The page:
One of the knocks on advanced stats in the NHL is that they’re not treated as official numbers by the League -- we can find goals and assists on NHL.com, but not Corsi and PDO. This allows critics to treat them like some kind of crazy nerd voodoo rather than an increasingly legitimate means through which to evaluate players, teams and games.
Well, it appears to the nerds won.
“Absolutely,” said NHL COO John Collins, at least weekend’s All-Star Game.
Collins confirmed that while the League waits to standardize the new player-tracking system that will eventually quantify puck possession stats more accurately, NHL.com is adding “enhanced stats” to its collection of player and team statistics.
The addition is scheduled for late February.
“You’re going to see a big change in the way we present our stats, in terms of the depth and the utility of how to do it. And that’s before the puck tracking [system],” said Collins.
Among the 30 or so advanced stats being added to the NHL.com stats pages:
* Corsi, which estimates puck possession by totaling shots on goal, missed shots and blocked shots
* Fenwick, which does the game minus the blocked shots
* PDO, a combination of shooting and save percentage while on the ice at even strength
* Zone starts, which designate what percentage of a player’s shifts begin and end in each zone.
* Average shot distance
* Goals and assists per 20 minutes and 60 minutes
* Penalties drawn and taken per 20 minutes and 60 minutes
The possession stats (Corsi, Fenwick) will also be presented in several ways, including game situations and as percentages in comparison to other players on the team.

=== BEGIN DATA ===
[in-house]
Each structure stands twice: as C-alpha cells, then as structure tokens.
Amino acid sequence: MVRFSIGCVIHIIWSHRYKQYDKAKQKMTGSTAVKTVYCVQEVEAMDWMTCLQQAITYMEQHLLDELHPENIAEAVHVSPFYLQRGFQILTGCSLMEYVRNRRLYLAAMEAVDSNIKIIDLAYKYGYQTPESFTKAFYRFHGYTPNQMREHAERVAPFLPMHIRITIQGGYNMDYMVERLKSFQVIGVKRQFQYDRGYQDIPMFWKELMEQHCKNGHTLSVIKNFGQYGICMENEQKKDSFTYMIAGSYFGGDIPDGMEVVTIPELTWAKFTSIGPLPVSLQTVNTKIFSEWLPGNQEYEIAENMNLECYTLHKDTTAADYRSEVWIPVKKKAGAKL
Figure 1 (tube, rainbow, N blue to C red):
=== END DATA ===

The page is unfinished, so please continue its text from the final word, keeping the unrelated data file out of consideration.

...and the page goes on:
The plan is to have all of this ready to roll next month, with the numbers going back to the 2010-11 season in its own stats table. The NHL says real-time enhanced stats for every game are in the plans.
How did the nerds win? By convincing the NHL that there’s a consumer base for these advanced stats.
The League has watched a cottage industry of different stats sites gain prominence, using the NHL’s own game sheets to scrape data and compute it. In some cases, the founders of these sites have found employment in the League.
Last summer, the League changed its terms of service agreement on NHL.com to ban “unauthorized spidering, scraping or harvesting of content” from the site. The speculation at the time was that the NHL was preparing its own advanced site, and that’s come to fruition.
To combat those competing sites, the NHL can boast that these are the “official” advanced stats, based on the ice time numbers the League collects from games.
(Keep in mind the advanced stats coming to NHL.com next months are still from the current game sheets, not from the puck tracking software.)
The fact is that Collins and others in the League see these metrics as a way to better sell their players and tell their stories. Same goes for the puck-tracking data, some of which we saw for the first time at the All-Star Game.
“It’s going to be able to help them to tell stories. It’ll give them a frame of reference in comparison to football and soccer. How fast a goalie moves in comparison to a pitcher’s fastball,” he said.
These additions are like the opening whistle for major changes on NHL.com in the coming months, maybe years.
“We need to create a digital record of what happens on the ice. That’s standard across the league, and goes much deeper than the current real-time scoring system,” said Collins.
When that player tracking data is standardized, it’s possible that Corsi and Fenwick turn into some other possession metric as the need to project those numbers becomes outdated.
But for now, the NHL is giving the validity of these fan-driven "fancy stats" an undeniable endorsement.